The Utah Independent Redistricting Commission held its second public meeting Tuesday evening and discussed the timeline and steps for changing the boundaries of Utah’s Congressional, legislative and state school board districts.
The independent redistricting commission, which was formed earlier this year as the result of a 2018 ballot initiative, will make recommendations for Utah’s political boundaries over the next decade.
The Tuesday evening meeting in Taylorsville took place a day after the U.S. Census Bureau released data showing Utah’s population grew by 18.4% over the past decade, bringing its population to about 3.28 million and making it the fastest growing state. Despite the rapid population growth, Utah did not earn another U.S. House seat.
The independent redistricting commission’s first meeting on April 13 was cut short due to a “Zoom-bomb attack” that included music with explicit lyrics, racist language and members of the public spamming the chat log pretending to be Russian hackers.
“We’re going to hope that the technical experts that we consulted keep us safe,” Rex Facer, chair of the commission, said at the start of the meeting.
Karen Hale, a former Democratic state senator, was sworn in as a member of the independent redistricting commission. She replaces former Democratic state Sen. Patricia Jones, who resigned earlier this month for personal reasons.
Hale said she looked forward to working on the commission and would make an effort “to ensure that we have a transparent, inclusive process.”
Jeffrey Baker, who was appointed to the commission by Senate President Stuart Adams, R-Layton, and House Speaker Brad Wilson, R-Kaysville, shared a presentation about the struggles Davis County had during the 2011 redistricting process.
One of the issues was that the “new boundaries were forcing the creation of many zero-voter and low-voter precincts,” according to Baker, who added that “these new boundaries, in a few cases, crossed over private residences, which left us scratching our head as to which district we were going (to put the residences).”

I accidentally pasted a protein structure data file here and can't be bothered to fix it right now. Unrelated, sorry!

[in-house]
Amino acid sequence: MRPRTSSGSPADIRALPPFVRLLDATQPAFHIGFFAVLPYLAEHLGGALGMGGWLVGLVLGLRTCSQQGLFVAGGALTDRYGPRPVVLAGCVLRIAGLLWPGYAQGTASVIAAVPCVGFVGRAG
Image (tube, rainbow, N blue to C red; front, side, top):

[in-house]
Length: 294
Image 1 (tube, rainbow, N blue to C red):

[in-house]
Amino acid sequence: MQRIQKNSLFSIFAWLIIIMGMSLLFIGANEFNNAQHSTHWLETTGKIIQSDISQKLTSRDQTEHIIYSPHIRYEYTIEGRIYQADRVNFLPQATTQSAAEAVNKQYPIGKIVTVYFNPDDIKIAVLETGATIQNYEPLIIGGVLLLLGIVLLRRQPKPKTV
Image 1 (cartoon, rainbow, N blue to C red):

As an example, Baker showed a map of a Kaysville neighborhood where the census block boundaries cut directly through a handful of homes.
“We’re going to come across issues,” he said. “We’re going to see lots of that.”
The issues encountered during the 2011 redistricting process were so vast that the Utah State Legislature had to pass multiple pieces of “clean-up” legislation correcting block assignments and boundary descriptions, according to Baker. In total, 411 corrections were made through legislation.
Baker, who noted that the 2011 redistricting process took approximately 10 months, recommended that the independent redistricting commission hold public hearings between now and the end of June and conduct the line-drawing process between July and October. The state Legislature would then convene in a special session in September and review the boundary recommendations.
Baker also recommended that the commission review the boundaries in the following order: Congressional, Senate, House and school board.
“That’s something I think would be very helpful for our commission here today, is to do it sequentially,” he said.
Another suggestion was for the commission to establish a review committee “to verify that the new redistricted boundaries, descriptions, local geographic features and resulting GIS data are all complementary.”
Following these suggestions would result in a “more orderly redistricting process” and eliminate zero or low-population precincts, as well as the need for “clean-up” legislation, according to the presentation by Baker.
Commissioner Lyle Hillyard, a former Republican state senator from Logan, said he believed it would be impossible to please everyone during the redistricting process, while Hale said she believed the public would be supportive if they believed the commission had made an effort to be transparent and seek public input.